Saturday, May 20, 2006

Riot in Cell Block 4


My goodness, how inconvenient!

Just as the UN finds that Cuba's Gitmo is a vacationer's paradise of water boarding & anti-anxiety meds, the uppity inmates, even those on their best behavior, & so allowed to live in relative comfort, start to try to commit suicide & attack the guards!

What excuses will Rummy pull out of his capacious ass now?

The BBC, as usual, does the best job of reporting on the way-fucked-up mess, thoughtfully including both the UN's report & questions-&-answers on the quaint & archaic Geneva Conventions. (<>

The BBC seems to think that Americans have forgotten all about these things, & "The Beeb" wouldn't be far wrong about that.

According to the New York Times, U.S. military officials complained that the inmates just did it to make them look bad (what's wrong with indefinite detention without charges, after all?) and the United States blamed the liberal media--er, the UN Committee for having rushed to judgment & having its report already written, the moral equivalent of fixing the facts around a pre-determined policy.

Uh, sounds familiar, doesn't it?

Demon Princess wishes they'd make a greater effort to come up with fresher, more entertaining exuses. They're boring me.

"Military officials said the prisoners' actions were apparently aimed at raising political pressure on the Bush administration over its detention policy. Pressure was also ratcheted up by the report issued in Geneva by the United Nations Committee Against Torture.

"After a lengthy review of United States policies, the committee dismissed several basic legal arguments the Bush administration had offered to justify such practices as the incommunicado detention of prisoners overseas and the secret transfer, or 'rendition,' of suspects for interrogation by other governments.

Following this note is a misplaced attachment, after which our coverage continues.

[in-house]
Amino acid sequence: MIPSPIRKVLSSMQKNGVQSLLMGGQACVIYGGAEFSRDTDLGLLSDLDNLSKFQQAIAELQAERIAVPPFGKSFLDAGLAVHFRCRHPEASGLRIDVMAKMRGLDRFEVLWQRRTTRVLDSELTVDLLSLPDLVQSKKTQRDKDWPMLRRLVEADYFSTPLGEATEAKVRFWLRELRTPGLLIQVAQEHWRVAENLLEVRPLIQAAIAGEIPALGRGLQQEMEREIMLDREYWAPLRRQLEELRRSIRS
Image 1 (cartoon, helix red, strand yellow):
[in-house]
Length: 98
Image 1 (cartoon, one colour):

"The panel, which monitors compliance with the Convention Against Torture, the main international treaty that bans such conduct, also concluded that the Central Intelligence Agency's widely reported practice of holding detainees in secret prisons abroad constitutes a clear violation of the convention.

"The United States 'should investigate and disclose the existence of any such facilities and the authority under which they have been established,' the committee said in its 11-page preliminary report. It also called on the Bush administration to 'publicly condemn any policy of secret detention.'

"The recommendations of the committee are not legally binding. But they are likely to be more influential than previous international reviews, in part because the Bush administration clearly took the process seriously, sending a delegation of more than two dozen officials to Geneva earlier this month to present its legal case.

"On Friday, some of those administration officials responded to the report by defending the United States' treatment of suspected terrorists, and criticizing the committee's evaluation as flawed and superficial.

"'I think the committee was guided more by popular concerns than by a strict reading of the convention itself,' said the State Department's legal adviser, John B. Bellinger III, who led the delegation.

"'It obviously causes us to question whether our extensive presentation was worth it,' Mr. Bellinger said.

Apparently the UN Committee does not yet recognize that all laws, even international ones, are subject now to revision by U.S. Presidential fiat.

How dare they question us?! Even after we deigned to take their silly Committee & complaints seriously?


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